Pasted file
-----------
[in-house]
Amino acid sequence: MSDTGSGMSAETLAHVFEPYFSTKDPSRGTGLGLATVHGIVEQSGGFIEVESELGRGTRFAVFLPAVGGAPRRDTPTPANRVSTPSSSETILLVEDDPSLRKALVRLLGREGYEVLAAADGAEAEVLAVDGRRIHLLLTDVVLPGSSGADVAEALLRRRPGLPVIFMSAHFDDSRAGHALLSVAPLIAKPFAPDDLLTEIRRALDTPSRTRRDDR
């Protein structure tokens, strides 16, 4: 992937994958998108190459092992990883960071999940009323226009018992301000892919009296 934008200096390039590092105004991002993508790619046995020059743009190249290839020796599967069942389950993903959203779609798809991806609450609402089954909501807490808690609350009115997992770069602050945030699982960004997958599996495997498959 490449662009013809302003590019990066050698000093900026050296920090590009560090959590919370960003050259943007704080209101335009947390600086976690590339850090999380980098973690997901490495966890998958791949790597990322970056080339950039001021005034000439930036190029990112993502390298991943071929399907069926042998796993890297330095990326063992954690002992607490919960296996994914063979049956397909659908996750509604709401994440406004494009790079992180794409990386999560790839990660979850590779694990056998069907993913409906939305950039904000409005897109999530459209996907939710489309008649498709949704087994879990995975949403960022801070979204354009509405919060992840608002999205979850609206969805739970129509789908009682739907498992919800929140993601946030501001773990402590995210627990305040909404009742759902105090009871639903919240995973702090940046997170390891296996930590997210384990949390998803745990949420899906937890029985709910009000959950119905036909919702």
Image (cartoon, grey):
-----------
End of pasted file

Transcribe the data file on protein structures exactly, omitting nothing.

[in-house]
Amino acid sequence: MSDTGSGMSAETLAHVFEPYFSTKDPSRGTGLGLATVHGIVEQSGGFIEVESELGRGTRFAVFLPAVGGAPRRDTPTPANRVSTPSSSETILLVEDDPSLRKALVRLLGREGYEVLAAADGAEAEVLAVDGRRIHLLLTDVVLPGSSGADVAEALLRRRPGLPVIFMSAHFDDSRAGHALLSVAPLIAKPFAPDDLLTEIRRALDTPSRTRRDDR
């Protein structure tokens, strides 16, 4: 992937994958998108190459092992990883960071999940009323226009018992301000892919009296 934008200096390039590092105004991002993508790619046995020059743009190249290839020796599967069942389950993903959203779609798809991806609450609402089954909501807490808690609350009115997992770069602050945030699982960004997958599996495997498959 490449662009013809302003590019990066050698000093900026050296920090590009560090959590919370960003050259943007704080209101335009947390600086976690590339850090999380980098973690997901490495966890998958791949790597990322970056080339950039001021005034000439930036190029990112993502390298991943071929399907069926042998796993890297330095990326063992954690002992607490919960296996994914063979049956397909659908996750509604709401994440406004494009790079992180794409990386999560790839990660979850590779694990056998069907993913409906939305950039904000409005897109999530459209996907939710489309008649498709949704087994879990995975949403960022801070979204354009509405919060992840608002999205979850609206969805739970129509789908009682739907498992919800929140993601946030501001773990402590995210627990305040909404009742759902105090009871639903919240995973702090940046997170390891296996930590997210384990949390998803745990949420899906937890029985709910009000959950119905036909919702």
Image (cartoon, grey):